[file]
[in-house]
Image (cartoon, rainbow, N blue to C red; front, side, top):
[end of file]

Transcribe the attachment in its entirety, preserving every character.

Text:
[in-house]
Image (cartoon, rainbow, N blue to C red; front, side, top):